Supply Chain by the Numbers

- Oct. 16, 2014 -

  Supply Chain by the Numbers for Week of Oct. 16, 2014

Google Ups its eFuflilment Game; Walmart Continues to Change Its Store Mix, Invest in eCommerce; Oil Prices Plunge, Could Cause GeoPolitical Issues; New Whole Foods Responsibly Grown Labels



What Google said this week it will charge consumers for unlimited use of its Google Express delivery service in the US six markets the company will operate in, as the company announced plans to add Washington DC, Boston and Chicago to existing service in San Francisco, New York City and Los Angeles. For that annual fee, customer will get unlimited same-day or overnight delivery on orders over $15. When a customer places a Google Express order, employees at one of the local retailer's stores receive notice on an Android smartphone, pick the items from a shelf, and put them into a Google-branded bag. Third-party courier services hired by Google then deliver them. Google Express is adding retailers to its mix, but some are also dropping off, such as American Eagle Outfitters, and Office Depot, have dropped out.




Number of new US Superstores that Walmart will build in the US next year, the company told Wall Street analysts this week, down substantially from its pace over the past few years. Meanwhile, it also said it would build about 220 smaller format stores next year, although that is down a bit from the 240 or so of these smaller footprint stores it will build in 2014, such as Walmart Neighborhood Market. Sales at US Superstores fell by .3 percent in the last quarter and have been on a downward trend for some time. Walmart also said it will spend some $1.5 billion in ecommerce investments next year, up from $400 million in 2013. That includes two new efulfillment centers next year on top of three being constructed this year.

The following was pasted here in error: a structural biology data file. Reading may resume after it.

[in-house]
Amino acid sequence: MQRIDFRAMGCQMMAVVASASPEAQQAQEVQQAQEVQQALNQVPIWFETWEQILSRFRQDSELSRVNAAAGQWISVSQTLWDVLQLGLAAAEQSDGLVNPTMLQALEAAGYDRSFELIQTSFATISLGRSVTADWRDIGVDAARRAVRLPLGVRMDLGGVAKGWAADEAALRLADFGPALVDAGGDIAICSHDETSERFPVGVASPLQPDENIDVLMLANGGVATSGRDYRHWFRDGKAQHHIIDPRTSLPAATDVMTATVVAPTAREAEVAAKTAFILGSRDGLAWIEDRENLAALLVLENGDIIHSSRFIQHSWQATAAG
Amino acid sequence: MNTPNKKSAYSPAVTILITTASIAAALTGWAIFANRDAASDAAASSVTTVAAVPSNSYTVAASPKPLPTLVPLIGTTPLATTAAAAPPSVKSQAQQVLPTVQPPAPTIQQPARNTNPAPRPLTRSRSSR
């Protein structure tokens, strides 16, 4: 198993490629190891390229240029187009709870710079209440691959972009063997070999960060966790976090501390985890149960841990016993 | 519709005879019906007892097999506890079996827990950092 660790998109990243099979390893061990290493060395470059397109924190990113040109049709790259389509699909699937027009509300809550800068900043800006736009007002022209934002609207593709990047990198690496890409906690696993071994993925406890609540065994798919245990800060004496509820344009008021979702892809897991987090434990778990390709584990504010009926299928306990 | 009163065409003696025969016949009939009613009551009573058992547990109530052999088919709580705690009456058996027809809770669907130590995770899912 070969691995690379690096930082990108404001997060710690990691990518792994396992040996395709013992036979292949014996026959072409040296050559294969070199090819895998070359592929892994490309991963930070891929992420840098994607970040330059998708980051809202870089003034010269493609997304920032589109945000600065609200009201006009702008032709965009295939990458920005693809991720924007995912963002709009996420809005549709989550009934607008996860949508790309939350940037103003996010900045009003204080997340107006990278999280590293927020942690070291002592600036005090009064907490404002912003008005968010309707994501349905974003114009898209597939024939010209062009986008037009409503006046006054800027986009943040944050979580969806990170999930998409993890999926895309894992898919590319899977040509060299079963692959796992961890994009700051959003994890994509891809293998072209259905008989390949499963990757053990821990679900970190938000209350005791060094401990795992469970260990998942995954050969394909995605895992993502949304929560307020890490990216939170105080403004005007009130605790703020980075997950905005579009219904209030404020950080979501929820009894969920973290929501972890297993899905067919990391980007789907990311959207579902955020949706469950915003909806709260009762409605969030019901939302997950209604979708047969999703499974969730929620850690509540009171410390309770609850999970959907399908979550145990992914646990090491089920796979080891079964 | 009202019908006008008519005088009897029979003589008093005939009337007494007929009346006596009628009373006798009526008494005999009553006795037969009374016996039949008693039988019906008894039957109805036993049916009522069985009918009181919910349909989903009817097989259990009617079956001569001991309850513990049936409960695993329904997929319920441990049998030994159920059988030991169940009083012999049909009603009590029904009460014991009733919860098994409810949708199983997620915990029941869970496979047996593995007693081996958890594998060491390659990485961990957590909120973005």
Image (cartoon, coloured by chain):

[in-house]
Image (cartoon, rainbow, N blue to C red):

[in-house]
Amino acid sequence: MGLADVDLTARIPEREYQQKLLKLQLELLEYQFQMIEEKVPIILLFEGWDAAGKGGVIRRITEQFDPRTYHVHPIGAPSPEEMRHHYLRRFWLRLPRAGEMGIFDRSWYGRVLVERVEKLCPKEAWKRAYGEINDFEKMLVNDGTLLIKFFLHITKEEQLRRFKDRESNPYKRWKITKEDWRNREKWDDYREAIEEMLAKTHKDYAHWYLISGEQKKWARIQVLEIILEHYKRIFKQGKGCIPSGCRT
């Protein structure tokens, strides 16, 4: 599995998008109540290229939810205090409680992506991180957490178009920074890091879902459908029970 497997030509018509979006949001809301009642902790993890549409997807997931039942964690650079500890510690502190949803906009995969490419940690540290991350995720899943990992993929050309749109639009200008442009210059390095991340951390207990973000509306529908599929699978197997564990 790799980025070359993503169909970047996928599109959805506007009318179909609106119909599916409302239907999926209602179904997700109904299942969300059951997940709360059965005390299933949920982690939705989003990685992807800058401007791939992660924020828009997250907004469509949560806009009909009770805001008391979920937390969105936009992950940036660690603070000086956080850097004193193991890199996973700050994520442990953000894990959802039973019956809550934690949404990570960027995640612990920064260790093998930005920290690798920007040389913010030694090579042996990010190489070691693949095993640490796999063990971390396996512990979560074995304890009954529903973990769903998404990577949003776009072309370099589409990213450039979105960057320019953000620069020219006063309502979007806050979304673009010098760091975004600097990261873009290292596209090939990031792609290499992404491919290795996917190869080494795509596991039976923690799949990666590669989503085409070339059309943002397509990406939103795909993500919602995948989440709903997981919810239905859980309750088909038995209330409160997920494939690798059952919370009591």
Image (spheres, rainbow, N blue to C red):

Number of steps that produce and flower suppliers will have to have adhered to gain a "good" designation from grocer Whole Foods, which is launching a new "responsibly grown" labeling system in its 400 stores. The steps are related to how a supplier "protects the air, soil, water and human health," according to the company. The steps vary in difficultly, however, and range from ensuring the supplier meets its rules regarding matters such as irrigation to stopping the use of several pesticides. There will also be "better" and "best" designations too, though Whole Foods has not yet made those requirements public. The rankings will be noted on signs where prices are listed, and mirrors a similar program the grocer has for meat and seafood. The company is trying to differentiate its offerings from "organic" or "healthy" labeled products from large grocery chains.



The global price for a barrel of Brent crude on Thursday, as the price of oil continues to plunge. That’s down some 25% from the recent high of $112 in June, and the lowest level seen since the summer of 2010, in a fall that has been steep and fast. Gasoline and diesel prices have been dropping in kind, perhaps providing a boost to the economy and in the logistics area countering the trend towards rising trucking costs in 2014. The factors: (1) a strong US dollar, given that oil is priced globally in the greenback; (2) concerns and some reality relative to a slowdown in the global economy; and (3) huge gains in US production of oil. While this is mostly all positive, some are warning of the geopolitical impact this decrease in oil prices will have, as countries like Russia, Venezuela, Iran and others see their oil revenues plunge, with oil prices about at production costs, also estimated right around $85 currently and perhaps putting a floor on how low prices can go.